With the Toronto real estate market booming, real estate developers have a world of details and know-how to navigate. We’ve reached out to Mr. Jason Birnboim of Beaux Properties to give us an overview of the intense Toronto real estate development industry. Whether you’re a home buyer planning on moving to Toronto, or an aspiring developer, Jason’s answers will shed some light on the local situation.
What do you love most about your job?
I derive a lot of personal satisfaction from the opportunity to acquire or create real tangible structures or dwellings that will have a positive impact on people’s lives. It’s a plus that they also generate a satisfactory return on investment for our stakeholders and partners. I also tremendously value the opportunity to work side by side with one of the great minds in this business, my father.
What is the single most difficult part of a real estate developer’s job?
Development, in my experience, is typically two steps forward and one step back. You need to constantly monitor and oversee so many different components at once. There’s always a risk of something going wrong beyond your immediate control. Essentially I’m referring to the concept of risk management.
In addition, managing cash flow is critical. Only undertaking projects that are well capitalized is imperative if you hope to survive. In development you need to expect the unexpected, routinely.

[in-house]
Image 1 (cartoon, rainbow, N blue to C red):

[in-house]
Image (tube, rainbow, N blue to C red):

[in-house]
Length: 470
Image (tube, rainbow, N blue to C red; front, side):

Have you spotted any interesting market trends recently? How do you see construction projects in Toronto develop in the future?
Developers tend to move in herds. It’s rare to see anyone pioneer new concepts, particularly in Toronto, where the model is so firmly established. Still, I believe the condo/retail model that my partner has perfected is definitely a very unique concept. It could become a bigger trend going forward.
I have seen landlords stratify the first few floors of some New York commercial real estate into interesting retail concepts. I would welcome that trend in Toronto, though it has yet to really take off.
If anything, the trend over the past 7 or 8 years involves developers and investors taking on zoning risk at the acquisition stage of a project. There’s just so much capital out there in search of profits, that developers are capitalizing on that investor driven hunger and speculating on land. This leaves little margin for error.
The real estate development industry in Toronto is incredibly dynamic, sophisticated and mature. The impediments to construction tend to be regulatory. Our civic leaders need to be mindful to avoid stretching out the development life cycle further through legislative barriers.
Will green-certified properties in Toronto take over as the new gold-standard for real estate?
No. I believe the market is too price sensitive to fully absorb the full cost of green certification, much of which I’m told is redundant. To the extent that a developer can achieve energy efficiency, they will do so out of conscience as well as concern for reputation. However, the certification route can be very costly.